“I am a CrossFit Harrisonburg Athlete. I pledge to perform at the best of my ability daily. I pledge to keep myself and others accountable to the integrity of the Workout of the Day, Every day. I pledge to listen to my trainers, even when I am tired, hurting and frustrated. I pledge to perform all movement at the range of motion appropriate for me, and always strive to be better. I pledge to embrace and be proud of where I started, where I am and where I will be going. I pledge to be a contributing part of this community, and support all athletes around me in the highest sportsmanship matter.”


Set the Example

Dan Ariely describes how most of us are capable of cheating to some extent, but very few people will cheat a lot. “It’s what we call the fudge factor – you’ll add two extra receipts to your tax return [for deductions], but you can’t do twenty. There’s a point at which it feels wrong.”


This fudge factor is common in CrossFit as many of the same conditions exist. We can reduce the fudge factor with a few simple changes:


  • Make notice of incomplete movements to show that others notice and care.
  • Discuss how important integrity is to the community.
  • Use an integrity pledge. Keep it above where scores are entered. Athletes to put a check mark next to their name indicating they followed the integrity pledge.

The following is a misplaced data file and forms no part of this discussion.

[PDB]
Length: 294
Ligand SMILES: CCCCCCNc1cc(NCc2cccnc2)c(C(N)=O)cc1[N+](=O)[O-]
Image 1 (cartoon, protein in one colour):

• As an athlete, you are an example to others. If you practice integrity in the gym it can be contagious to others. Don’t let someone with a bigger fudge factor determine your actions.
  • Determine how others act based on your good example.


Please post your gym's integrity pledge in the comments.


More like this:



1. Ariely, Dan. 2013. The Honest Truth About Dishonesty: How We Lie to Everyone--Especially Ourselves. Reprint edition. New York: Harper Perennial.

2. Mazar, Nina, On Amir, and Dan Ariely. 2008. “The Dishonesty of Honest People: A Theory of Self-Concept Maintenance.” Journal of Marketing Research 45 (6): 633–44.

3. Mazar, Nina, and Dan Ariely. 2006. “Dishonesty in Everyday Life and Its Policy Implications.” Journal of Public Policy & Marketing 25 (1): 117–26.


Photos courtesy of Recon Photography.